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Thayer Athletics in the News 



On Friday April 4, Emma Fitzgerald ’16 traveled to Miramar, Florida to compete in the Track & Field Trials for the Summer Youth Olympic Games to be held in China this summer (2104).

At the Trials, athletes from the entire North American continent gained recognition in the women’s javelin event, with Emma Fitzgerald (USA) taking first place. The Thayer sophomore threw the 500-gram youth javelin for a personal best 168' 2" (51.25m) to top the field by 10 feet. Brittni Woczyk (Canada) took the silver medal with her mark of 157’ 6” (48.02m) and bronze medalist Luz Mariana Castro (Mexico) threw the jav 156’ 1” (47.57m).
Emma will compete in the 2nd Youth Olympic Games on August 16-28, 2014 in Nanjing, China. The meet is for athletes around the world, not turning 18 during the calendar year.

Senior Julianne Landry played in the U-19 National Championship game where her team (Assabet) prevailed as tournament champions.  Julianne was a stand-out goaltender in the tournament where she only allowed 1 goal in the 19 shots taken on her.  Click the link below to check out more information on her amazing performance.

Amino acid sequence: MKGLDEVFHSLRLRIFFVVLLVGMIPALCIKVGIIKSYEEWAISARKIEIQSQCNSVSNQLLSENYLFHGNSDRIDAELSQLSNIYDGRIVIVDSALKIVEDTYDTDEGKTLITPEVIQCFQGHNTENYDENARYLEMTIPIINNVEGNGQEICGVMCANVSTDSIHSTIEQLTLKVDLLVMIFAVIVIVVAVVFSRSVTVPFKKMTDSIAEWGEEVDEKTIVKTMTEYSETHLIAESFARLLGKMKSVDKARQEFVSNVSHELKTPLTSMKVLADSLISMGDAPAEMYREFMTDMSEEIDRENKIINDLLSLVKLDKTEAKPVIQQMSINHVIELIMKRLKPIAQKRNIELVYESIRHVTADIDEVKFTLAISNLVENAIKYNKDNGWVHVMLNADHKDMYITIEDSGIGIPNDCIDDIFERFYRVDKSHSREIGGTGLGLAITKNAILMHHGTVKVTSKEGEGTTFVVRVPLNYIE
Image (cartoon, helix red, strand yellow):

(l-r) Matt O'Toole '97, Kristen Vassalotti '07 & Jared Porter '99

Jared Porter ’99, is good at a lot of things and one of those things is giving back. He has been good to both of his alma maters: Thayer Academy and Bowdoin College. Now that he's working with New England's favorite team, he's been generous with his time, returning to both campuses to share the secrets of his success with current students. Jared has been a regular participant in Thayer’s Career Day Program and most recently, in January of 2013, he served on the sports management panel along with Matt O’Toole ’97, head coach of the Clark University men’s soccer team, and Kristen Vassalotti ’07 who works for Reebok International.